STAR METRICS began as a small pilot with seven institutions in July of 2009 in cooperation with the Federal Demonstration Partnership. By May of 2010, a Memorandum of Understanding had been signed with the participating agencies; Office of Management and Budget approval was received in July 2010 to expand the program. Since then, more than 60 institutions have signed participation agreements and at least 50 more have indicated interest in participating.

In practical terms, STAR METRICS is structured in two phases. The first phase ascertains the immediate effect of science spending on employment. It uses administrative records within participating institutions to document how many scientists (including graduate students, undergraduate students, and research staff) are supported by federal science funding, as well as to capture information on subawards and subcontracts. Only 14 data elements are required (13); STAR METRICS is now capturing that information electronically from institutional financial records (without personal identifiers) without burden for the scientists. This process, described in detail at https://www.starmetrics.nih.gov, has enabled generation of tables and maps of jobs and positions immediately traceable to science funding at each institution. Federal agencies use the same reports, aggregated from multiple institutions. Source data can be generated with minimal burden and cost—the typical institution requires less than 20 hours of staff time to generate the initial report. Subsequent reports are automated.

Individuals in occupations supported by science funding.

(Top) The distribution of FTEs in occupations directly supported by science funding. (Bottom) The number of distinct individuals per FTE directly supported by science funding per FTE. [Source: STAR METRICS data for 45 institutions, third quarter 2010].

A graphic visualization of the type of report generated for each university is shown in the first figure. Science funding supports a wide range of occupations (top), and the nature of research means that science funding supports more individuals than are conveyed by simple counts of fill-time equivalent (FTE) workers or students (bottom).

Phase I also provides estimates of how many additional jobs are created that are directly attributable to firms whose goods and services result from the spending of research institutions. These institutions, unlike federal agencies, have data that can be used to derive the industry and geographic location of their vendors and subcontractors. In combination with publicly available data from the Economics Directorate of the Census Bureau, we can estimate the payroll associated with payments and, hence, the number of jobs.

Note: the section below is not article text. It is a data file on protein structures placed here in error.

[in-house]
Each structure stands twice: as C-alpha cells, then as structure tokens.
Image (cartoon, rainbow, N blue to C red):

Phase II is designed to capture outputs and outcomes beyond the initial employment effects captured by phase I. The intent is to leverage revolutionary digital technology to capture the broad scientific, social, economic, and workforce results of science investments. Almost all scientific activity is eventually captured in electronic form. At least initially, this means we need to develop ways in which scientists' activities can be automatically, rather than manually, reported to science agencies. Phase II is likely to take at least 5 years to achieve the intermediate goals we have laid out here. Research institutions are developing structured information architectures to capture current and more accurate information about scientists' interests, activities, and accomplishments, including, for example, the VIVO Project (http://vivoweb.org), the Harvard Profiles System, and others. Brazilian science agencies have developed a system (Lattes Platform) for researchers and scientists to register and build curricula vitae and to capture scientific outcomes. The STAR METRICS team is beginning to consult with the scientific community to identify viable approaches.

An initial consultation meeting with the vice presidents for research of universities participating in phase I was attended by high-level representatives of more than 40 research institutions in October 2010. One suggestion from that meeting has been that the federal agencies could implement single progress reports and/or common biographical sketches, with a uniform electronic reporting template. The bureaucratic framework already exists, in the form of the uniform Research Performance Progress Report (14). Implementing the approach might involve providing tools that could streamline reporting, such as automated biographical sketches, profiles, and annual reports. In cases where data elements, such as publications and other ways of transmitting scientific knowledge, can be labeled with unique identifiers, scientists' reporting burden would be reduced. The consensus at a recent technical workshop on this topic was that if the federal agencies set up the core empirical infrastructure and data, the scientific community could create good software tools for building automated reports (15).